Status Report

NASA ISS On-Orbit Status 30 November 2009

By SpaceRef Editor
November 30, 2009
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NASA ISS On-Orbit Status 30 November 2009

All ISS systems continue to function nominally, except those noted previously or below. Underway: Week 1 of Increment 22. Last day onboard for Romanenko, Thirsk and De Winne.

To accommodate tonight’s late Soyuz undocking (10:56pm EST), the crew today has two wake periods:

  • Wake 1: 2:30am – 11:00am
  • Wake 2: 3:00pm – 2:30am (12/1)

Tuesday, 12/1, will be sleep/rest all day for Suraev & Williams until 1:00am on Wednesday, 12/2, thus returning to normal schedule.

FE-1 Suraev did the regular daily early-morning check of the aerosol filters at the Russian Elektron O2 generator which Maxim had installed on 10/19 in gaps between the BZh Liquid Unit and the oxygen outlet pipe (filter FA-K) plus hydrogen outlet pipe (filter FA-V). [FE-1 again inspects the filters tonight at bedtime, currently a daily requirement per plan, with photographs to be taken if the filter packing is discolored.]

FE-4 Thirsk supported (for the last time) the weekly U.S. “Bisphosphonates” biomedical countermeasures experiment, ingesting an Alendronate pill before breakfast. [The Bisphosphonates study should determine whether antiresorptive agents (that help reduce bone loss) in conjunction with the routine in-flight exercise program will protect ISS crewmembers from the regional decreases in bone mineral density documented on previous ISS missions. Two dosing regimens are being tested: (1) an oral dose of 70 mg of Alendronate taken weekly starting 3 weeks prior to flight and then throughout the flight and (2) an intravenous (IV) dose of 4 mg Zoledronic Acid, administered just once approximately 45 days before flight. The rationale for including both Alendronate and Zoledronic Acid is that two dosing options will maximize crew participation, increase the countermeasure options available to flight surgeons, increase scientific opportunities, and minimize the effects of operational and logistical constraints. The primary measurement objective is to obtain preflight and postflight QCT (Quantitative Computed Tomography) scans of the hip. The QCT scans will provide volumetric bone density information of both cortical and trabecular (spongy) bone regions of the hip.]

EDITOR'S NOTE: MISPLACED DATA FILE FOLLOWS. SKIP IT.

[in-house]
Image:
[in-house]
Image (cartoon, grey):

For the biomed experiment INTEGRATED IMMUNE (Validating Procedures for Monitoring Crew member Immune Function), Bob Thirsk, Jeff Williams & Frank De Winne performed their final Liquid Saliva collection, followed by the Blood Collection for all, assisting each other for the blood draws. The Saliva Return Pouches and Blood Sleeves were then stored at ambient temperature on the Soyuz for return to ground. [IMMUNE protocol requires the collection to occur first thing post-sleep, before eating, drinking and brushing teeth, and all samples are stored at ambient temperature. Along with NUTRITION (Nutritional Status Assessment), INTEGRATED IMMUNE samples & analyzes participant’s blood, urine, and saliva before, during and after flight for changes related to functions like bone metabolism, oxidative damage and immune function to develop and validate an immune monitoring strategy consistent with operational flight requirements and constraints. The strategy uses both long and short duration crewmembers as study subjects.]